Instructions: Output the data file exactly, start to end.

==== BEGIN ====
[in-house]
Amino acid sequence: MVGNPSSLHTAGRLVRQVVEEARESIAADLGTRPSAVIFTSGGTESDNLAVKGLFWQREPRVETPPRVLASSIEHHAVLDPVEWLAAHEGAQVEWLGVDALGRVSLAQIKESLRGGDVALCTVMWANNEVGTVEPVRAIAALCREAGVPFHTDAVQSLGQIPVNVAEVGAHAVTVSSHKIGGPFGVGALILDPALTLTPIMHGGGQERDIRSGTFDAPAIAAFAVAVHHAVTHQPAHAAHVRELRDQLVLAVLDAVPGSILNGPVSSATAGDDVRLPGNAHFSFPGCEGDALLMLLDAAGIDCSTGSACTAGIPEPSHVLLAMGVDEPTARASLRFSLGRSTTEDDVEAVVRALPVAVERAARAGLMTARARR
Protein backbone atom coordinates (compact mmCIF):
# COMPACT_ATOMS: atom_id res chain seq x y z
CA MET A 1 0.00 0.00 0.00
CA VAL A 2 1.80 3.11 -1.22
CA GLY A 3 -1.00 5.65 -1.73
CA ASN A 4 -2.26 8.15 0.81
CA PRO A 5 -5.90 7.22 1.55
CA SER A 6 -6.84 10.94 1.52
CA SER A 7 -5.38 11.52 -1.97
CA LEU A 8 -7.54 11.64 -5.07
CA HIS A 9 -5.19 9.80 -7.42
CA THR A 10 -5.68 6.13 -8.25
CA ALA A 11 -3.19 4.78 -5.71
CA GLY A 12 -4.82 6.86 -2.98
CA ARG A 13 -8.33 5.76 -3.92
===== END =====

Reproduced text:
[in-house]
Amino acid sequence: MVGNPSSLHTAGRLVRQVVEEARESIAADLGTRPSAVIFTSGGTESDNLAVKGLFWQREPRVETPPRVLASSIEHHAVLDPVEWLAAHEGAQVEWLGVDALGRVSLAQIKESLRGGDVALCTVMWANNEVGTVEPVRAIAALCREAGVPFHTDAVQSLGQIPVNVAEVGAHAVTVSSHKIGGPFGVGALILDPALTLTPIMHGGGQERDIRSGTFDAPAIAAFAVAVHHAVTHQPAHAAHVRELRDQLVLAVLDAVPGSILNGPVSSATAGDDVRLPGNAHFSFPGCEGDALLMLLDAAGIDCSTGSACTAGIPEPSHVLLAMGVDEPTARASLRFSLGRSTTEDDVEAVVRALPVAVERAARAGLMTARARR
Protein backbone atom coordinates (compact mmCIF):
# COMPACT_ATOMS: atom_id res chain seq x y z
CA MET A 1 0.00 0.00 0.00
CA VAL A 2 1.80 3.11 -1.22
CA GLY A 3 -1.00 5.65 -1.73
CA ASN A 4 -2.26 8.15 0.81
CA PRO A 5 -5.90 7.22 1.55
CA SER A 6 -6.84 10.94 1.52
CA SER A 7 -5.38 11.52 -1.97
CA LEU A 8 -7.54 11.64 -5.07
CA HIS A 9 -5.19 9.80 -7.42
CA THR A 10 -5.68 6.13 -8.25
CA ALA A 11 -3.19 4.78 -5.71
CA GLY A 12 -4.82 6.86 -2.98
CA ARG A 13 -8.33 5.76 -3.92